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Killer Computers

Posted on February 17th, 2009 by Matt Schoeneberger

Killer Computers!!!

The information age has enabled us to communicate in incredible ways, ushering in a fast-paced society where anything is possible.  We can accomplish anything we need with a few clicks of a mouse or keyboard.  We’ve become best friends with our computers, dependant upon their service and lost when they fail.  Could this relationship be the death of us?


The human body is not designed to sit in a chair at a desk hour after hour, day after day.  The human body is built for moving.  Unfortunately, we don’t move much at all.  The information age has also ushered in a new posture, one with rounded shoulders, a forward positioned head, misaligned hips and the pain and dysfunction that result.  Associated symptoms and conditions include, but are not limited to, headaches, neck pain, back pain, bulging or herniated disks, degenerative disk disease, facet syndrome and other more complicated impairments.


A well designed corrective exercise program can help you avoid or repair postural distortions that could lead to pain and dysfunction.  After all, it is the imbalanced muscular system that creates a misaligned skeleton.  But, what you can fix in the gym in 30 minutes, you can easily tear down in the other 23.5 hours in the day.  So, be mindful of your posture throughout your day.  Maintain proper alignment, avoid repetitive movements while seated (like twisting and reaching into a filing cabinet), and get up and move around as often as possible.  Remember that the best posture is one that is always changing.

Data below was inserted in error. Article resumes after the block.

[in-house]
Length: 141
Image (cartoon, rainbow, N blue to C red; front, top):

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2 Responses to “Killer Computers”

  1. Amanda says:

    I agree, when I was on my feet all day long I had much better posture and was a lot thinner!! My back didn’t hurt as much but my feet sure did! Now that I am at my desk for 8+ hours a day staring at my computer I find that not only do my eyes hurt but my back gets sore from just sitting….and look at me now, I am at my computer!

  2. Matt Schoeneberger M.S., CPT, CES says:

    It’s hard, but it’s worth it to schedule breaks where you can get up and walk around a little bit.

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